The Impact of Childhood Hearing Loss on the Family: Mothers' and Fathers' Stress and Coping Resources

Anat Zaidman-Zait*, Tova Most, Ricardo Tarrasch, Eliana Haddad-eid, Devora Brand

*Corresponding author for this work

Research output: Contribution to journalArticlepeer-review

48 Scopus citations


Parenting children who are deaf or hard of hearing (D/HH) presents unique long-term challenges that can place the parents at a greater risk for elevated levels of parenting stress. Adaptation of families to the various challenges presented by childhood hearing loss is influenced by their personal and social coping resources available for managing these stressors and challenges. The current study examined differences in parenting stress and personal (i.e., acceptance of the child who is D/HH and parents' sense of parenting self-efficacy) and social (i.e., formal and informal social support) coping resources between mothers and fathers of children who are D/HH in the Arab sector in Israel. Further, the study examined the relations between coping resources and parenting stress among these parents. Participants included 30 Israeli Arab mother-father couples (n = 60) having a child who is D/HH aged 3-8 years. Findings revealed no significant differences between mothers and fathers regarding parenting stress, child acceptance, or parental support systems. However, mothers reported significantly higher self-efficacy. In addition, correlation analysis indicated that higher coping resources decreased parenting stress levels. Theoretical and practical implications of parental gender in the context of cultural background are discussed regarding parent intervention programs.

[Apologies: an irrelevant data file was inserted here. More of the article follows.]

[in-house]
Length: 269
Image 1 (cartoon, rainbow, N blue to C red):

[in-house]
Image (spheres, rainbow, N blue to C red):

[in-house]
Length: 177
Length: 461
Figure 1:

Original languageEnglish
Pages (from-to)23-33
Number of pages11
JournalJournal of Deaf Studies and Deaf Education
Issue number1
StatePublished - 1 Jan 2016


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